Fundraising appeal for 23-year-old dad-of-two who was diagnosed with motor neurone disease in January
The family of a brave Biggleswade man who was diagnosed with motor neurone disease has launched a GoFundMe page to help him live life to the full
At just 23-years-old, James Ellary can no longer walk more than a few metres or lift his arms, after receiving the devastating confirmation in January that he had the illness.
However, the father-of-two and former tree surgeon is determined to make memories with his family, and hopes the fundraiser will enable him to afford home-help equipment, as well as a holiday to Center Parcs.
Speaking to the Chronicle, his sister Charlotte Sale, 32, of Gamlingay, said: "James has deteriorated rapidly and can hardly move now. He has lost his independence to this cruel illness so we need to try and raise funds for his equipment as soon as possible and to make memories with him when lockdown is lifted.
"Not only has MND stripped him of a future, but lockdown has taken his chance away of doing some of the things he's always dreamed of doing, and now that is not possible.
"I try not to think too far ahead and try to think about what we can do to help now."
James first began noticing problems after he helped to lift up a large stump grinder at work during May last year.
He felt something pop in his shoulder, and over the next few months he started to lose the feeling in his left arm.
Charlotte said: "He'd lost over two stone and he wasn't the same. He was really struggling.
"I would get him to phone the doctors, and I was there in the background shouting - 'he needs to be seen!'
"He was so weak that he was afraid to pick up his children."
She added: "When I took him to the doctors, they said 'see if you can lift your left arm up.'
"But James said 'I can't' - and he could only lift the bottom part of his right arm to waist height.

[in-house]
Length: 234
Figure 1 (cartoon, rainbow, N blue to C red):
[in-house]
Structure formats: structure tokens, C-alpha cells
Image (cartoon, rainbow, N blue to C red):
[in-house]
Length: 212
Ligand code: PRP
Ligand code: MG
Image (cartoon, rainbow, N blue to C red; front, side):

"They said: 'I can't believe you are 23 years old...you don't look right."
After an MRI and ultrasound eventually confirmed that there was nothing out of the ordinary, James's grandmother paid for a private Electromyography (EMG), which could detect neuromuscular abnormalities.
However, when this came back inconclusive for motor neurone disease (MND), James had further tests and finally received an NHS letter in January that confirmed the heartbreaking news.
Talking about her younger brother, Charlotte said affectionately: "James is the baby of the siblings. He's very laid back, easy going, and great fun - we have had some adventures!
"He's different now, but his mind is still there and he's still James.
"I'm trying to be normal for him; I'm still taking the mickey out of him to try and get that smile."
Since he became poorly James has been splitting his time between living with his mum, Cheri-Ann Ellary, and his girlfriend Phoebe Carstairs, as well as the couple's two children, Arthur, three, and Athena, one.
Pheobe's mum Julia Adams has also been a huge support, while Charlotte's husband helps James with self-care.
Since launching the fundraiser in January, the family has raised over £9,000, meaning that thanks to the kind donations, they have been able to buy an adjustable bed, a pressure mattress and sliding sheets, stair-lift, fitted wheelchair and a water bottle with a tube (James sometimes finds eating difficult and can choose to receive fluids via a tube overnight).
Charlotte added: "We are getting some help from occupation therapy but sadly not all things are funded. Thank you to everyone who has taken the time to get in contact and to everyone who donated. We are not usually a family to ask for help but we are trying to do what we can for James and his quality of life.
"He has struggled massively and it's really affected his mental health, but we are trying to instil a positive mindset and he's hoping to go to Center Parcs at the end of April."
James's dream had been to visit the famous nuclear disaster site at Chernobyl, but as he will not be well enough when travel restrictions end, he now has his heart set on the local holiday.
Meanwhile, funds will still be needed for home-help equipment as James's condition progresses, and any money left over will go towards the MND Association and its research.
Charlotte concluded: "There are trial treatments that can slow down deterioration. They might not be in time for James but there is hope for people in the future."